The worst of rising food prices is “yet to come” with a potential 5% surge in spring, the chairman of Tesco has warned.
It is the latest bad news amid a growing cost of living crisis driven by rocketing energy prices and tax increases the government will introduce in April.
It follows business secretary Kwasi Kwarteng ruling out to Sky News the prospect of the government cutting VAT on energy bills to provide further support as the cost of living continues to rise.
John Allan, who has been chairman of Tesco since 2015, said price increases at the supermarket could be five times greater over the coming months than they had been in the last quarter.
“Food is a relatively small part of household spending, it’s only about 9%, that figure has halved in the last half century,” he said.”
“But of course, it’s a bigger proportion for those on the lowest incomes,” Mr Allan added to the BBC’s Sunday Morning programme.
“I think we’re concerned particularly about what can we do to try to protect those who are hardest up, who are going to suffer most from that?
“And in some ways, the worst is still to come because although food price inflation in Tesco over the last quarter was only 1%, we are impacted by rising energy prices; our suppliers are impacted by rising energy prices.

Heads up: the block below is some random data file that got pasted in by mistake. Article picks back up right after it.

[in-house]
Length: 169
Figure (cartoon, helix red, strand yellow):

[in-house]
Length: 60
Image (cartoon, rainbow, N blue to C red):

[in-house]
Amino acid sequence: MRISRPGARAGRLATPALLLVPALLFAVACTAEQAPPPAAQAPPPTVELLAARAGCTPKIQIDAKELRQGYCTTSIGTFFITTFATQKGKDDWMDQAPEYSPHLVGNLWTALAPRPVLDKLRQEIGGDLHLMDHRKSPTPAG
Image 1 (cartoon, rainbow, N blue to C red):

“So the likelihood is that that inflation trigger will rise but we’re doing all we can to offset it.”
Andrew Bailey, the governor of the Bank of England, warned that inflation could rise about 7% by April and would not fall back to normal levels for two years.
Mr Allan said: “I predicted last autumn that food prices by the spring might be rising about 5%.
“I sincerely believe that it’s not going to be any more than that, it might even be slightly less, but that’s the sort of number we’re talking about.
“But of course 5%, if you’re spending – as some of the least well-off families are spending – 15% of your household income, is significant.
“It troubles us and I’m sure troubles many people that people may have to struggle to choose between heating their homes and feeding their families and that’s clearly not a situation that any of us should tolerate.”
He also cautioned that fuel prices were “unlikely to come down very quickly” to provide any relief.
“There has been a huge surge in fuel prices in the last year. And I think our hope is that they will now stabilised and ultimately come down but they’re unlikely to come down very quickly, I think.”